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Oklahoma fire chief updates WOKV on recovery

WOKV listener Heath Williams was able to get us in touch with his brother, an Oklahoma fire chief who’s part of the search, rescue and recovery effort in Moore.

“We’ve got a lot of recovery to do,” says Chief Jared Williams.  “Not only physical recovery but mental recovery as well.”

When he talked to WOKV’s Gene Wexler around 2 a.m. on Tuesday morning, he said he’d been on the scene since 6 p.m. Monday.  He’s with a crew of 50 other first responders searching for survivors in the rubble.

“We just got total destruction everywhere we can see.”

Williams tells us that finding survivors never gets old.

“It’s just very rewarding for the crews….Anybody we can find somebody alive, it just gives our crews renewed energy and makes it worthwhile what we’re out here doing.”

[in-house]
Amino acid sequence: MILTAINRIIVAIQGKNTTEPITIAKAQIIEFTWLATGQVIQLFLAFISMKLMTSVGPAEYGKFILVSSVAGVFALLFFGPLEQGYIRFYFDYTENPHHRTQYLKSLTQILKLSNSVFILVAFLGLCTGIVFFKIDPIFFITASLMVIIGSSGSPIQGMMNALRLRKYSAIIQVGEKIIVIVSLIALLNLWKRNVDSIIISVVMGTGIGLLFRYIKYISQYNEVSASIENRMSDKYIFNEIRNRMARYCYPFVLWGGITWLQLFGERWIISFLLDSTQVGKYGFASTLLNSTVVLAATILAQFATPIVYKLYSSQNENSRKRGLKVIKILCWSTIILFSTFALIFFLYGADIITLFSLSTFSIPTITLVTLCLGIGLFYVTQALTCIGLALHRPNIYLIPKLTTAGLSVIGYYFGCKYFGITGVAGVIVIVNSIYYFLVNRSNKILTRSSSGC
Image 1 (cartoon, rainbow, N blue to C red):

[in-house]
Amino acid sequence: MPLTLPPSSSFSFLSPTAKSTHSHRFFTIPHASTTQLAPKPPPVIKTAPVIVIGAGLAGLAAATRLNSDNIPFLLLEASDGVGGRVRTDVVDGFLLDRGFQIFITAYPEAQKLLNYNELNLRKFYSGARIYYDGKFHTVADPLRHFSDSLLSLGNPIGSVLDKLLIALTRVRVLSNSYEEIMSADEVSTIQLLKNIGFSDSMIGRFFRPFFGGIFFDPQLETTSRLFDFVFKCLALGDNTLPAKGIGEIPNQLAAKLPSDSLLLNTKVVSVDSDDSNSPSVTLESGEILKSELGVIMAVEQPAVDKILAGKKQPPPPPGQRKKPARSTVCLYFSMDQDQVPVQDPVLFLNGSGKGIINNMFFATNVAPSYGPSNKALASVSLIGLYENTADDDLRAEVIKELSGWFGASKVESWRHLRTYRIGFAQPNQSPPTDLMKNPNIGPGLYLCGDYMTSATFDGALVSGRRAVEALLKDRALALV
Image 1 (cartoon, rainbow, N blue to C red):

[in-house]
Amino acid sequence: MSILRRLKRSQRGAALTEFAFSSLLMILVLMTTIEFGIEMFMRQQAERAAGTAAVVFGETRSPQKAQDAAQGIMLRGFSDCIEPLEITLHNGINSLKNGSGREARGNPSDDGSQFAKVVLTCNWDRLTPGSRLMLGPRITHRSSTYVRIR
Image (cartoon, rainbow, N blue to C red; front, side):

He says his rescue crew won’t stop until every area has been searched at least once.

“We’ll go until we can’t go anymore.”

Williams describes what his state calls “the Oklahoma standard.”

“We will step up and we’ll take care of our own,” he says.  “We’re exemplary of the United States.  The people here do a group job of looking out and taking care of each other.”

Williams also responded during the 1999 tornado outbreak in Oklahoma City, and he says it doesn't make sense to compare the two.

“It really doesn’t.  I mean each one of them are just very catastrophic storms.  Very labor-intensive.  Lots of life lost.”

He says the storm center there predicted a possible tornado outbreak for days.

“This was a long-track tornado.  It’d been on the ground for about 30 to 45 miles.  So they had good warning.”

He says this disaster was tough because it happened during the day while children were at school and parents were at work, making it harder for them to prepare.

A lot of people chose to ride out the storm from their home.

“Some people just don’t want to leave their home because that is their home.  And we understand that,” Williams says.

Just like Florida, he says Oklahoma officials are prepared for natural disasters like this, and so the entire state is coming together to help the city of Moore.

“We appreciate you folks down in Florida and just ask that you keep the responders and the citizens of Oklahoma in your prayers.”

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